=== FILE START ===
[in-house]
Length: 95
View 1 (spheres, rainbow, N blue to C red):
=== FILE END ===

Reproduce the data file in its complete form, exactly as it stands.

[in-house]
Length: 95
View 1 (spheres, rainbow, N blue to C red):